Many advanced and dynamic economies need migrant workers to fill jobs that cannot be outsourced and that do not find local workers willing to take them at going wages. Population ageing also underlies this growing demand, as it gives rise to deficits of workers relative to dependants. And as younger generations become better educated, fewer in their ranks are content with low-paid and physically demanding jobs. Migration may reduce wages or lead to higher unemployment among low-skilled workers in advanced economies, many of whom are themselves migrants who arrived in earlier waves. However, most migrants complement the skills of domestic workers instead of competing with them. By performing tasks that either would go undone or cost more, migrants allow citizens to perform other, more productive and better-paid jobs. They also maintain viable economic activities that, in their absence, would be outsourced. By enlarging the labour force and the pool of consumers and by contributing their entrepreneurial capacities, migrants boost economic growth in receiving countries.
At the point of origin, deeper poverty does not lead automatically to higher migration. The poorest people generally do not have the resources to bear the costs and risks of international migration. International migrants are usually drawn from middle-income households. However, when migrants establish themselves abroad, they help friends and relatives to follow and, in the process, the costs and risks of migration fall, making it possible for poorer people, though not for the poorest, to join the stream. Low-skilled migration has the largest potential to reduce the depth and severity of poverty in communities of origin. Mounting evidence indicates that international migration is usually positive both for countries of origin and of destination. Its potential benefits are larger than the potential gains from freer international trade, particularly for developing countries.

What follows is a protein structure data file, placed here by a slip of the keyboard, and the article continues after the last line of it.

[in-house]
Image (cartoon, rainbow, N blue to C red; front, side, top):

Contrary to what some may believe, migrants play a vital role in the global economy. Studies show that immigrants bring growth and innovation in both the countries they come from, and in those they move to. Most advanced nations face a demographic time-bomb as their aging populations and low birth rates mean that they will have to rely on immigrants to drive and sustain economic growth. It is, therefore, in the best interests of these developed nations to support a safe and orderly migration.
So if you have any migrants who live or work near you, take some time and actually get to know them, their hopes and aspirations and who they really are. They are far away from their family and friends in an unknown land just to make a living. Among the migrant workers in our midst could be teachers, authors, poets and businessmen who for reasons beyond our knowledge are forced to do hard labour. So the least we can do is smile and ask them about themselves.